Like Diane, many conscientious believers find themselves hopelessly trapped between two intolerable options: divorce or continued misery. These weary guardians of dead or dying unions remain convinced that divorce is a sin; however, they find it increasingly difficult to ignore the conviction that tolerating the destructive behavior of a wayward mate is not the lesser evil. Meanwhile, the implied message of well-meaning family, friends, and church is, We know you’re enduring unimaginable pain and may even be risking bodily harm, and we don’t know what you should do about it. But for goodness’ sake, don’t seek a divorce! Not only does this fail to offer hope or provide leadership, but it also creates an incubator for sin, not only for the unrepentant partner but also the suffering spouse.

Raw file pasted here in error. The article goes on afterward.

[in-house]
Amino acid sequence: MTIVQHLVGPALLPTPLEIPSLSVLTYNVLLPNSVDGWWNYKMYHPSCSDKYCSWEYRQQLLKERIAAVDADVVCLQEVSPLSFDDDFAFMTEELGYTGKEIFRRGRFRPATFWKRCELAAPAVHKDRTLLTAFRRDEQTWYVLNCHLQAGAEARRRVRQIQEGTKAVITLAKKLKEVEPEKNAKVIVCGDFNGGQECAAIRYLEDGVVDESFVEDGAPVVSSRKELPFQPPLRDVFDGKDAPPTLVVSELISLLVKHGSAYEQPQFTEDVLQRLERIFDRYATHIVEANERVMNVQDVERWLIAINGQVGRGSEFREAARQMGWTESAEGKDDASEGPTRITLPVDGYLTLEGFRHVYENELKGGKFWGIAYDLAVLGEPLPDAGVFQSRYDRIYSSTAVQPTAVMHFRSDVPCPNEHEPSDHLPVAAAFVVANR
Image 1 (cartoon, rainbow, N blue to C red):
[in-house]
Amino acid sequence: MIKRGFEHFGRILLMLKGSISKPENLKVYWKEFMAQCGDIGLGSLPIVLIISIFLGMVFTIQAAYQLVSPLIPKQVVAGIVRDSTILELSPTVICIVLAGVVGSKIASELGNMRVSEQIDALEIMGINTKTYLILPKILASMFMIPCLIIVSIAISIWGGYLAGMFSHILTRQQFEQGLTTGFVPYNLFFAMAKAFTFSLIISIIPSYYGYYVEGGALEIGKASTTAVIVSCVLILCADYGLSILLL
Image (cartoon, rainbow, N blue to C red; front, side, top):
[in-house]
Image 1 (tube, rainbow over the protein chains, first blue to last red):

A person can endure this no-win scenario for months, even years, but not forever. As James Dobson so eloquently put it, “The human mind cannot tolerate agitated depression and grief indefinitely. The healthy personality will act to protect itself in time, throwing off the despair and groping for stability. One method by which this is accomplished is by turning pain into anger.” Given enough time, people in situations like Diane’s reach a breaking point and often make destructive or unwise choices. And the intensity of their emotional backlash can be frightening, especially against the offending spouse and anyone who had encouraged them to “remain faithful to their vows.” Feeling forsaken by friends, family, church, and even God Himself, some abandon themselves to an adulterous affair and desert their families, ironically giving their sinning spouse biblical grounds for divorce. Many others eventually decide that while God may not approve of their divorce, they cannot continue to exist in this moral limbo and then finally choose to pursue a divorce their loved ones and church friends do not support. They eventually console themselves with the quiet conviction that a lifetime of guilt is better than what they endured in marriage.